272 U.S. 476 (1926), 113, United States v. General Electric Company

Docket NºNo. 113
Citation272 U.S. 476, 47 S.Ct. 192, 71 L.Ed. 362
Party NameUnited States v. General Electric Company
Case DateNovember 23, 1926
CourtUnited States Supreme Court

Page 476

272 U.S. 476 (1926)

47 S.Ct. 192, 71 L.Ed. 362

United States

v.

General Electric Company

No. 113

United States Supreme Court

Nov. 23, 1926

Argued October 13, 1926

APPEAL FROM THE UNITED STATES DISTRICT COURT

FOR THE NORTHERN DISTRICT OF OHIO

Syllabus

1. Through a system of contracts between a company which owned the patents for electric lamps with tungsten filaments and manufactured most of those sold and a large number of wholesale and retail dealers in electrical supplies, the dealers were appointed agents of the company to sell, on commission, the lamps, which were to be consigned to them by the company, transportation prepaid; the sales were to be at prices fixed by the company, the dealers to pay all expenses except the original transportation and to account to the company periodically for the amount, less commission, of all sales, cash or credit, and all the stock entrusted to the dealers was to remain the property of the company until sold, and to be accounted for by the dealers.

Page 477

Held, that the dealers were genuine agents, not purchasers in disguise, and that the plan was not a device to fix prices after sale and to restrain trade and exercise monopoly in the lamps in violation of the Anti-Trust Act. P. 484.

2. The circumstance that the agents were in their regular business merchants, and, under a prior arrangement, had bought the lamps and sold them as their own did not prevent this change in their relation to the company. P. 484.

3. Nor did the size and comprehensiveness of the scheme bring it within the Anti-Trust Law. P. 485.

4. As a patentee has a statutory monopoly of the right to make, use, and sell the patented article, the comprehensiveness of his control of the business of selling is not necessarily an evidence of illegality in method. P. 485.

5. As long as a patentee makes no effort to fasten upon ownership of the articles he sells control of the prices at which his purchaser shall sell, it makes no difference how widespread his monopoly. P. 485.

6. The owner of articles, patented or otherwise, is not violating the common law or the Anti-Trust law by seeking to dispose of his articles directly to the consumer and fixing the price by which his agents transfer the title from him directly to such consumer. P. 488.

7. A patentee, in licensing another person to make, use, and vend, may lawfully impose the condition that sales by the licensee shall be at prices fixed by the licensor and subject to change at his discretion. P. 488.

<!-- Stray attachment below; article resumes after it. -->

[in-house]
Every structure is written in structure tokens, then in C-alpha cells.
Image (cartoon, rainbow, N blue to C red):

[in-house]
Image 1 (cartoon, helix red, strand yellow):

15 F.2d 715 affirmed.

Appeal from a decree of the district court dismissing, for want of equity, a bill brought by the United States to enjoin the General Electric Company, Westinghouse Electric and Manufacturing Company, and Westinghouse Lamp Company, appellees herein, from prosecuting a plan for the distribution and sale of patented electric lamps, which was alleged to be a restraint and monopoly of interstate commerce.

Page 478

TAFT, J., lead opinion

MR. CHIEF JUSTICE TAFT delivered the opinion of the Court.

This is a bill in equity, brought by the United States in the District Court for the Northern District of Ohio to enjoin the General Electric Company, the Westinghouse Electric & Manufacturing Company, and the Westinghouse Lamp Company from further violation of the Anti-Trust Act of July 2, 1890. 26 Stat. 209, c. 647. The bill made two charges, one that the General Electric Company, in its business of making and selling incandescent electric lights, had devised and was carrying out a plan for their distribution throughout [47 S.Ct. 193] out the United States by a number of so-called agents, exceeding 21,000, to restrain interstate trade in such lamps and to exercise a monopoly of the sale thereof, and, second, that it was achieving the same illegal purpose through a contract of license with the defendants, the Westinghouse Electric & Manufacturing Company and the Westinghouse house Lamp Company. As the Westinghouse Lamp Company is a corporation all of whose stock is owned by the Westinghouse Electric & Manufacturing Company, and is but its selling agent, we may treat the two as one, and reference hereafter will be only to the defendants the General Electric

Page 479

Company, which we shall call the Electric Company, and the Westinghouse Company.